A few weeks ago, I became aware of my cat’s mortality. She used up at least one if not a couple of her nine lives. When we took her to the vet in November, we learned that she has an overactive thyroid for which she is now being treated. And then, out of the blue, at the end of December just three days before Christmas, she had a blood clot in her back leg.
In the middle of the night, she woke us up with her constant cries. She couldn’t put weight on her hind leg and she couldn’t get comfortable. She went up and down the stairs and all over the house, crying in pain. Rather than having something in her paw or a sprain, we found out that she very likely had a blood clot. So we started treating her for that. The day after Christmas, the blood clot theory was confirmed when her leg swelled up and in response to whatever pain or nerve sensations she was having, she basically chewed through her lower leg to the bone. She is now on Plavix and doing well—we’re hopeful that we’re saving her leg from being amputated by following a regimen prescribed by the vet. We’re bandaging her leg each day and using honey on alternate days. I’d like to take a moment here to praise the healing powers of honey. The honey, along with the silver sulfadiazine seems to be doing the trick.
Sydney—my cat—is 13 years old and the vet has alerted me that Sydney is now a senior citizen. This stunned me almost as much as when someone recently referred to me as “middle aged”. Middle aged? Really? That stung and it didn’t help that my response was “What you talkin’ ‘bout, Willis?” But, getting back to Sydney… I should also mention that I have been known to describe her as my soul mate and I don’t mean this in an ironic sense—well, maybe a little. I do believe that you can have more than one soul mate and I don’t mean to offend my other cat, Leroy, or my husband for that matter, but Sydney and I have clicked. We have an understanding that transcends your normal cat/person relationship.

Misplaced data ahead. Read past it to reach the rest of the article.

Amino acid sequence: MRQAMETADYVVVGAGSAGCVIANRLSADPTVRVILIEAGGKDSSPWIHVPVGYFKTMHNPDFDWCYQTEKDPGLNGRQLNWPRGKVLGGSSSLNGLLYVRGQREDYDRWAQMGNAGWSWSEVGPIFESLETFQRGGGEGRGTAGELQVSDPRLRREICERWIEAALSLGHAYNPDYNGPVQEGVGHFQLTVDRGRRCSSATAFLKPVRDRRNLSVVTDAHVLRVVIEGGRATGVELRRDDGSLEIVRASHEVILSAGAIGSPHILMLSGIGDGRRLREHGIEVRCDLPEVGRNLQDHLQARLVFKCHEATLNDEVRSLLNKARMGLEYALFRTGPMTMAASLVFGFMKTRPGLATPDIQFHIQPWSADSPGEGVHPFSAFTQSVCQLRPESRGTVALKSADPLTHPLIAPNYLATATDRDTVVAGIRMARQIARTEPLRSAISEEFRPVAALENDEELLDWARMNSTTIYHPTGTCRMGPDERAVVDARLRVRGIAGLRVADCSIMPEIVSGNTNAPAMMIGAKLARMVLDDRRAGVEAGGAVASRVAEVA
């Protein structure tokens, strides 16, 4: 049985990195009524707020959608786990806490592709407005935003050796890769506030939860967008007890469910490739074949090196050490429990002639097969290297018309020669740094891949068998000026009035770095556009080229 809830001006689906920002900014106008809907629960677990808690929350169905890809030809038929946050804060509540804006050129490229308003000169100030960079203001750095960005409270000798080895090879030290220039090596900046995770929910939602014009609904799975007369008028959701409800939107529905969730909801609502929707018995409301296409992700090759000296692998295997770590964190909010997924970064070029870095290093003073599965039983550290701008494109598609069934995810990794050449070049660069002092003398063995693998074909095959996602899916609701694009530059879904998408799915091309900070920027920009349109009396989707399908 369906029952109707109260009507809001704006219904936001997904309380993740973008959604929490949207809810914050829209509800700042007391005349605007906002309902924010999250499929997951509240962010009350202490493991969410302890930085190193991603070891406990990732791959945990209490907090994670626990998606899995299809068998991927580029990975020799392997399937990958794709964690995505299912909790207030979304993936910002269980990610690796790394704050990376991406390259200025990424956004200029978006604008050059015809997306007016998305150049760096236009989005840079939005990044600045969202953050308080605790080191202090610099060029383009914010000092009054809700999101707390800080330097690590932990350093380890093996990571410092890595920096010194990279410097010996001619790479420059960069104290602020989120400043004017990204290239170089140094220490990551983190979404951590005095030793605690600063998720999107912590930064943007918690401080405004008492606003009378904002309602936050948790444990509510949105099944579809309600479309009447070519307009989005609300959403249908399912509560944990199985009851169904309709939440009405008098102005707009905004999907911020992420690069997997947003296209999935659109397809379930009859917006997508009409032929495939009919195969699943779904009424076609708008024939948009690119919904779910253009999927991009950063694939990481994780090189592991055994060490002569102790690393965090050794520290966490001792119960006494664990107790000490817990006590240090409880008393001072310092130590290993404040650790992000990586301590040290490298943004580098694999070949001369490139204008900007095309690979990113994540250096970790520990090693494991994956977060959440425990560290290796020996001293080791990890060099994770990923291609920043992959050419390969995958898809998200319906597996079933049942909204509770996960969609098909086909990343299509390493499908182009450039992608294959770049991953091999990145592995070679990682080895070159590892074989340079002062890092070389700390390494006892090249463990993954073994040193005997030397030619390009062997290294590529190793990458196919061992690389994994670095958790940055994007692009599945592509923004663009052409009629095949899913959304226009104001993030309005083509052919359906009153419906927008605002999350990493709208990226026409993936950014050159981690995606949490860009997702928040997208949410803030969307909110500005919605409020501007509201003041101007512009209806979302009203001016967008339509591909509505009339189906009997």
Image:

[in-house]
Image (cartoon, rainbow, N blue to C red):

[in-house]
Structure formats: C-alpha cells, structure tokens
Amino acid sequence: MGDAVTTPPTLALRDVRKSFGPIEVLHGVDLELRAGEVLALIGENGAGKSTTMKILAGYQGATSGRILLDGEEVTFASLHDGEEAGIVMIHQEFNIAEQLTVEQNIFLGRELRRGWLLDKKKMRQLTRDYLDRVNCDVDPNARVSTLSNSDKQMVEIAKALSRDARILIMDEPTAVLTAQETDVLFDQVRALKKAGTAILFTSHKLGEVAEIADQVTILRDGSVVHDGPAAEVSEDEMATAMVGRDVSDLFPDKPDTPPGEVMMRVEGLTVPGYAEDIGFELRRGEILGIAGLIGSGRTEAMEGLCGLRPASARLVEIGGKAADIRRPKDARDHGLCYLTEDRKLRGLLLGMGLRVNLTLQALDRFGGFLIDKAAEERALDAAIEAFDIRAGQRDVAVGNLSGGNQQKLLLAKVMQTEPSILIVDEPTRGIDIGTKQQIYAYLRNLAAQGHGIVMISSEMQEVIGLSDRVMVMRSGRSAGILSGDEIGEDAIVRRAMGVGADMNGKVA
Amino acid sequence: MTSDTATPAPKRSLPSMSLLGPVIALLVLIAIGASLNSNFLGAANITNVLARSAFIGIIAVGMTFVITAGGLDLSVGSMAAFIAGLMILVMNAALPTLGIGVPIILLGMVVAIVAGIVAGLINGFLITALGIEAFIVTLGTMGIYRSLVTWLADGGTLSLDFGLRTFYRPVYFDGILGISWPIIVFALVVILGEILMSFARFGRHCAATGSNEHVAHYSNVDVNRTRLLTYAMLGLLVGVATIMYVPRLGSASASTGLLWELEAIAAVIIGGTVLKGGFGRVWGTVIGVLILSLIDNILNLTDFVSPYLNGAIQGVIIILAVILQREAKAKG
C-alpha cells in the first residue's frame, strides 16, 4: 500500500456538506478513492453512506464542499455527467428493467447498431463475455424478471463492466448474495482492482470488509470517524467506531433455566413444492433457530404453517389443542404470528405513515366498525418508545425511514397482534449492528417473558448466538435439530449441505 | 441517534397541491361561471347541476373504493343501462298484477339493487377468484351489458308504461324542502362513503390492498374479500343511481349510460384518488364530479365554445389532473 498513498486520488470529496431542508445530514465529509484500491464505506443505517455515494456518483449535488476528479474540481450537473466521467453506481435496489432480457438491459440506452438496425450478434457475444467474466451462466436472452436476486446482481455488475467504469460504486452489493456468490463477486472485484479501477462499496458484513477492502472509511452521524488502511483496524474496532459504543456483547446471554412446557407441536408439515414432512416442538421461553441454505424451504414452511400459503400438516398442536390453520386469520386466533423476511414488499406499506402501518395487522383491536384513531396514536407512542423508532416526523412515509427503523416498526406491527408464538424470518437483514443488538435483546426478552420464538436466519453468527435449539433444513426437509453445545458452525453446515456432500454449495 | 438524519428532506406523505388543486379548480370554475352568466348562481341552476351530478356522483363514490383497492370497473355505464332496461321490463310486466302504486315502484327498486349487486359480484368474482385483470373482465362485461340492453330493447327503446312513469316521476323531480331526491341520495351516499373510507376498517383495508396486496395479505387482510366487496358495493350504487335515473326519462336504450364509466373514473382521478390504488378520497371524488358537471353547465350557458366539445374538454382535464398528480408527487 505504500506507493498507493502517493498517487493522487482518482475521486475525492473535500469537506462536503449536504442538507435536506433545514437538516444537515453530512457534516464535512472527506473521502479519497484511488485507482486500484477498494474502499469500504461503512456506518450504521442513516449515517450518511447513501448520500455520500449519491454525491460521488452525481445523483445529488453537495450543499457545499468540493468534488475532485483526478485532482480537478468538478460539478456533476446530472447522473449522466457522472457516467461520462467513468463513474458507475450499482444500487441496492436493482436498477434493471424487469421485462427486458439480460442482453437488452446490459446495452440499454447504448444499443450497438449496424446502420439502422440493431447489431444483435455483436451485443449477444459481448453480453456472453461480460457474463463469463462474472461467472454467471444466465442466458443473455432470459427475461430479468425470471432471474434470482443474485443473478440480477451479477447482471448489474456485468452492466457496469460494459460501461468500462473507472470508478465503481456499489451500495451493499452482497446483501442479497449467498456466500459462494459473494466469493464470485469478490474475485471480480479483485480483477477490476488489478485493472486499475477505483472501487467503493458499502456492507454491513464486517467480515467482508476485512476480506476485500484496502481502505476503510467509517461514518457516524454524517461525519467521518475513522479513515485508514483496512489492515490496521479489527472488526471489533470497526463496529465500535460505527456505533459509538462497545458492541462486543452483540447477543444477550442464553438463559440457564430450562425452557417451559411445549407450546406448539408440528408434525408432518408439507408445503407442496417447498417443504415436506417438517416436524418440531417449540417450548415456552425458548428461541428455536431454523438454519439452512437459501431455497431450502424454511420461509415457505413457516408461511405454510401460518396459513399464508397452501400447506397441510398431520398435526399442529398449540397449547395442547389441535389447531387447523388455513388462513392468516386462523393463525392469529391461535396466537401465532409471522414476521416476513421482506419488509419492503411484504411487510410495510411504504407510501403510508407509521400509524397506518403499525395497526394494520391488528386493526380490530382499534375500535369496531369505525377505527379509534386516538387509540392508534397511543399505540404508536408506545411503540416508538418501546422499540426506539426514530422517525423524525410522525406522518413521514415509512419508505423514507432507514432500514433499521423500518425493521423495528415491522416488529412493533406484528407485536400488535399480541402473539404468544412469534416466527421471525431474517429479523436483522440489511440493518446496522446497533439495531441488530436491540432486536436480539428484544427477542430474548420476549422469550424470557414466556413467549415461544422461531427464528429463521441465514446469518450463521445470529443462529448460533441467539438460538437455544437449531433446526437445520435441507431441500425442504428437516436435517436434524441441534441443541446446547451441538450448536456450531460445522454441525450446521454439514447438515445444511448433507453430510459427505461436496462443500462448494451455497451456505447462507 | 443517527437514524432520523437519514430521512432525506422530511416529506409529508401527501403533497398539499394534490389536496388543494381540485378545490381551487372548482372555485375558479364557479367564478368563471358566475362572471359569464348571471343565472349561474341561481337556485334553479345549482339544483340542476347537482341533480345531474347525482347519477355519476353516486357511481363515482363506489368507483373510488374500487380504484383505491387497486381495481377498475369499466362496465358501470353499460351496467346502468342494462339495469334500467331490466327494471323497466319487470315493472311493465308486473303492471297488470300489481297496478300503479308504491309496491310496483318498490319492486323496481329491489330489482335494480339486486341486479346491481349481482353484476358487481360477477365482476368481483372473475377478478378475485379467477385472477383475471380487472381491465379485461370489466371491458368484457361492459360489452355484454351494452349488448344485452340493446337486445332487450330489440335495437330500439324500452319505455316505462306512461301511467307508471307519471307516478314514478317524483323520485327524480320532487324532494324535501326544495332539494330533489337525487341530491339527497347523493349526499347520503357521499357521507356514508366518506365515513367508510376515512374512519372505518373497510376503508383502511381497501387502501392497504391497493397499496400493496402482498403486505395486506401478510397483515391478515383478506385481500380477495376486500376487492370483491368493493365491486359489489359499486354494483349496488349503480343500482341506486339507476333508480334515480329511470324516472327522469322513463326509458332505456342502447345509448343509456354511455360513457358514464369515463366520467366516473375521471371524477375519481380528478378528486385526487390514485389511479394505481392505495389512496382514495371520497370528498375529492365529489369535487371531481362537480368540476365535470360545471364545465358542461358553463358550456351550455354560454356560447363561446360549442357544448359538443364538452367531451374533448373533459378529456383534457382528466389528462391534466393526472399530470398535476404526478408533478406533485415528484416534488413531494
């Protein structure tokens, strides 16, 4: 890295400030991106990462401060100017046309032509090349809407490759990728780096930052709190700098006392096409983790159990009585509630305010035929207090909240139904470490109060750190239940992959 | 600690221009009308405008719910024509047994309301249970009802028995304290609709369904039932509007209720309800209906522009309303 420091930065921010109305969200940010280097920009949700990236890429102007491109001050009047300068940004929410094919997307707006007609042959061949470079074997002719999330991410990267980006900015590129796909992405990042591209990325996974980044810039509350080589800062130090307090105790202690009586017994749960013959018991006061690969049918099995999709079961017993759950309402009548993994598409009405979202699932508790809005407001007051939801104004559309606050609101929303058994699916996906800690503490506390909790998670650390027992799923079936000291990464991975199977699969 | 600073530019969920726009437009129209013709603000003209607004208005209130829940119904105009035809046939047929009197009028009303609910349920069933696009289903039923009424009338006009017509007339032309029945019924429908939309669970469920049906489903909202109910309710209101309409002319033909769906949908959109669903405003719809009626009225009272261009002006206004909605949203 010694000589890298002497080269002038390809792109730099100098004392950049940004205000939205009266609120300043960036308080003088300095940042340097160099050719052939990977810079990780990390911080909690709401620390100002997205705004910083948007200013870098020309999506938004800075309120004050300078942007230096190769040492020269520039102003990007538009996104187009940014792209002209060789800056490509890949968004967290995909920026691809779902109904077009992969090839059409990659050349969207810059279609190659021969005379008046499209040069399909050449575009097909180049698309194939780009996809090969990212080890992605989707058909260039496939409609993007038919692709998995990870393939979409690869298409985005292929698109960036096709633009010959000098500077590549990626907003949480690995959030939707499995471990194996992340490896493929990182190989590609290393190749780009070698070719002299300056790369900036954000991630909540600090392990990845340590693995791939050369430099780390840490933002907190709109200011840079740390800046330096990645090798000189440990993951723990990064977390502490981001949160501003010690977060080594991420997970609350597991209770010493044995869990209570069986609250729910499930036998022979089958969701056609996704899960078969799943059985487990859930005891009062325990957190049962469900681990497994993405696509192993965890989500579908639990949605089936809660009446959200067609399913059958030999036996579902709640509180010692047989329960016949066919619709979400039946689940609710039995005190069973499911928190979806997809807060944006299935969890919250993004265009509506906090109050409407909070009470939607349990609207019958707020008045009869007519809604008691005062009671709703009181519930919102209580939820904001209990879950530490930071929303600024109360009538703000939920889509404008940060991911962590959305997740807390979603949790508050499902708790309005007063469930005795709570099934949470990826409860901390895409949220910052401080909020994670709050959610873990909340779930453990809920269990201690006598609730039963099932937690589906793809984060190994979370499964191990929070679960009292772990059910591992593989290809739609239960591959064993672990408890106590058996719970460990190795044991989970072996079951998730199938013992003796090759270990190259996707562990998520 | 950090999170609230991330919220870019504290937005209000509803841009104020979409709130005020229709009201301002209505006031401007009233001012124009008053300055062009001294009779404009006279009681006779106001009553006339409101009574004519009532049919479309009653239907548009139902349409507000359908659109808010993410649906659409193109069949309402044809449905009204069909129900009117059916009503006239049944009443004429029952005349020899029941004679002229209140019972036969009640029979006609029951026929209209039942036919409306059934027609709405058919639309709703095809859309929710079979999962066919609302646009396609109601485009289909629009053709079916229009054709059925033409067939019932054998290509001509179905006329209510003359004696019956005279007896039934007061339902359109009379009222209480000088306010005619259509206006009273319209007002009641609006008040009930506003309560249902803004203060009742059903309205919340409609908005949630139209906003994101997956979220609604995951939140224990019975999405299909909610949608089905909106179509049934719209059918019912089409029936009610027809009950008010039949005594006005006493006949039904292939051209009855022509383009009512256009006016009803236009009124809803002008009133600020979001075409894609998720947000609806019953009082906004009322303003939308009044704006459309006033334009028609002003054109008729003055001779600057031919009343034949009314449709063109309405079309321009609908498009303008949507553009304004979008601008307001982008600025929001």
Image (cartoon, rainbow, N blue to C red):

Sydney had belonged to a friend of mine who adopted her as a kitten. He was moving to an apartment and couldn’t bring a pet so he asked me if I would take her. I was reluctant—wouldn’t that mean making a commitment to a living thing, after all? But, when the friend shrugged and said, “Well, I guess I’ll just leave her by the side of the road”. (He denies ever having said this.) I didn’t hesitate to say I’d take her. He brought her over in her carrier on a rainy and dreary fall evening. He left almost immediately and this didn’t prove to be such a good introduction for Sydney and me. For the next two weeks, she hid in the basement. She ate the food that I put out for her and used her cat litter, but I basically never saw her except for the one time in the middle of the night when I went into the kitchen and saw her glowing eyes staring at me. We mutually frightened one another and she flew from the counter right over my shoulder before running back to the safety of the basement.
I couldn’t take it any longer. I had to have a healthy human-cat relationship, and this was not it. After several hours together playing tennis one humid summer day, I asked this friend to come back to my house to persuade Sydney to come up from the basement and lead a normal life with me. He called her name and she came up the stairs. He basically passed the cat master torch to me that afternoon, allowing me to pet her and get her to purr before he left. Then, I realized that I needed to take a shower and feared that this would be the end of my newfound feline friendship. But, as I was taking the shower, she sat on the bathmat and meowed until I came out. From that moment on, we were BFFs. It turns out that Sydney is about trust. That’s her M.O. and now she trusted that I would be there for her.
And, I am. Still. I love this cat to the point that I am now a one-note character who only talks about her cats. Since her health scare and the subsequent care that we’ve been administering, it’s also more like I just talk about her and not even my other cat, who is so adorable if not a bit fluffy (or big-boned, depending on how you look at it). Leroy, it turns out is also a senior citizen, though he’s only 9 years old. Apart from switching their food to the “senior cat” version, they are now both able to get into the movies with a significant discount. I’m the only one in the household who regularly gets invitations to join AARP, however. I’m not sure how that keeps happening. I’m laughing it off until I’m eligible for the massive perks of being a member.
Until then, I’ll use my cats’ advancing ages as a reminder that we’re all getting up there but that not all of us have 8 more lives to go.